Anzac Day March: The Mateship and All by Andrew Burke

Again our son marches for Skin,
his great grandfather on
his mother’s side, in the Anzac Day parade.
I don’t want to tell him about
the kitchen commando, the drunk waster.
He marches for an ideal and
an innate sense of Aussie mateship. They’re
true enough. His mother and I
watch the parade, have a coffee
during the speeches. Our son is
a born leader, doing the right thing
since he was tiny. We have marched
to a different drummer …
After the march we drive home,
my wife enthusiastically recalling
old codgers on parade. Young Aussie males
cop her scorn more often than not …
It’s definitely on her mother’s side, only
infant males and old men get the nod …
We arrive home and turn footy on TV.
I see the son of a park drunk playing
for the opposition, wearing a black armband.
His dad was unwell last time I saw him —
I held him up to shower in a detox centre,
then shaved his cratered face. He was
losing a battle in ‘Nam. The next day
we watched footy on TV. He leant forward,
‘That’s my boy, in the pocket.’
‘Yeh?’ I was impressed, ‘Ya want me
to find ‘im, tell ‘im you’re here?”Nah,
we’re worlds apart, he wouldn’t wanna know.’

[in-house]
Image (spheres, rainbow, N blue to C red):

These gladiators are heroes of peacetime.
The unarmed combats are in the bars
and kitchens where the umpires look
the other way and nobody wins.
‘Did ya see that?!’ my son yells, amazed.
I’ve got to say I didn’t see anything,
wrapped up in my own tales of mortality,
a park drunk’s son kicking two goals in
the first quarter, the commentators
proclaiming ‘a new lease of life’.
Skin never met the boy who marches for him,
never saw him ruck in Sunday footy, or
open the bowling against the breeze. Skin
was a real bastard when it suited him,
an Ocker of the old school, but
who’s to judge … Let he who is
without sin, I say, and leave it at that.

From: Burke, Andrew, “Anzac Day March: The Mateship and All” in Westerly, No. 2, Winter 1995, pp. 25-26.
(https://setis.library.usyd.edu.au/ozlit/westerly/all/250449.pdf)

Date: 1995

By: Andrew Burke (1944- )

One Comment to “Anzac Day March: The Mateship and All by Andrew Burke”

  1. I like the contemporary Aussie poems, Julie. Actually, it’s amazing how many decent poems you’ve found, of all nationalities.

    Dick Greene

    On Thu, Apr 22, 2021 at 9:31 PM From Troubles of The World wrote:

    > flusteredduck posted: “Again our son marches for Skin, his great > grandfather on his mother’s side, in the Anzac Day parade. I don’t want to > tell him about the kitchen commando, the drunk waster. He marches for an > ideal and an innate sense of Aussie mateship. They’re true” >

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